On Friday, 2 September, the Australian Competition and Consumer Commission (ACCC) issued a statement in relation to the Victorian State governments call for an investigation into pro-Palestine solidarity groups involved in or supportive of the Palestinian initiated Boycott, Divestment and Sanctions campaign, on the suspicion that protestors were engaged in “secondary boycotts” against Israeli-owned companies in Australia, such as Max Brenner Chocolate shops.
The call by the Victorian Liberal (conservative) government was a highly political move, which sought to criminalise political protests in support of Palestine by invoking anti-union/anti-freedom of assembly laws. It was the latest step in concerted year long campaign against the BDS movement in Australia which has sought to not only repress the BDS campaign but to also smear it as anti-semitic. As a recent statement issued by the Palestinian BDS National Committee noted the campaign to repress and smear BDS activists in Australia began in earnest late last year after the Marrickville Council in Sydney adopted a pro-BDS motion. The motion was later overturned after a concerted campaign by Zionists and the pro-Zionist Murdoch Press. (for full BNC statement see here)
Since December 2010, pro-Palestine solidarity activists in Melbourne have been conducting a series of peaceful demonstrations and pickets against Israeli companies, Jericho and Max Brenner. Jericho produces cosmetics made from minerals exploited from the Dead Sea. While Jericho profit from the Dead Sea, Palestinians are regularly denied access by Israel’s military checkpoints, exclusion zones and Israeli-only roads.
Max Brenner Chocolate, the other Israeli company subject to BDS protests in Melbourne, is owned by the Strauss Group — one of Israel’s largest food and beverage companies. On its website, the Strauss Group emphasizes its support for the Israeli military, providing care packages, sports and recreational equipment, books and games for soldiers. Strauss boasts support for the Golani and Givati Brigades, which were heavily involved in Israel’s military assault on the Gaza Strip in the Winter of 2008-09, which resulted in the killing of approximately 1,400 Palestinians, the majority civilians, including approximately 350 children. While Strauss has removed information about their support for the Golani and Givati brigades from their English language website, information about the company’s support for both brigades remains on their Hebrew language site.
On July 1, 19 non-violent pro-Palestine/BDS protestors were arrested when the Victorian Police carried out an unprovoked and brutal attack on the peaceful BDS picket outside of Max Brenner Chocolate in the Queen Victoria centre (for more information on this see: here)
Early in August, the Victorian State government singled out Palestine solidarity organisations and called for the Australian Competition and Consumer Commission (ACCC) to invoke anti-union laws and investigate those involved in the BDS campaign, whether they had been involved in the Max Brenner protests or not, on the suspicion they may have been involved in “secondary boycotts” against Israeli-owned companies in Australia.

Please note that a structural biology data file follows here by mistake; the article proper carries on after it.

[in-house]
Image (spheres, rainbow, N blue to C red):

2 September 2011
Recent protests by the Boycott, Divestment and Sanctions campaign were referred to the Australian Competition and Consumer Commission by the Hon. Michael O’Brien MP, Victorian Minister for Consumer Affairs on 5 August 2011. The minister requested that the protests be investigated under the Competition and Consumer Act 2010 (CCA), which prohibits secondary boycotts. The letter was the subject of a media release issued by the Victorian Government on 8 August 2011.
Protesters picketed the premises of the Max Brenner chain of chocolate shops as part of a campaign to boycott businesses with Israeli ownership and which carry on business with the Government of Israel. Protests have taken place in Melbourne, Sydney and Brisbane and allegedly prevented potential customers from entering Max Brenner outlets.
After careful assessment, the ACCC considers that this protest activity does not contravene section 45D of the CCA as it does not have the effect or likely effect of causing substantial loss or damage to the Max Brenner shops in question. Relevant factors here are the infrequent nature of the protests, their limited duration, and the difficulty in apportioning any revenue impact to this activity versus other factors.
The ACCC also notes that the relevant state police authorities have a range of directly relevant powers to address the conduct at issue. Victoria Police has already charged a number of individuals with trespass, besetting a premise and riotous behaviour arising out of one of the protests in Melbourne.
Given all of the above the ACCC has decided not to take any further action in relation to this matter at this time. The ACCC will, however, be monitoring any future protests and considering whether they constitute a breach of the CCA.
Section 45D of the CCA prohibits a person in concert with a second person from engaging in conduct:
(a) that hinders or prevents a third person from supplying goods or services to a fourth person or a third person from acquiring goods or services from a fourth person; and
(b) that is engaged in for the purpose, and would have or be likely to have the effect, of causing substantial loss or damage to the business of the fourth person.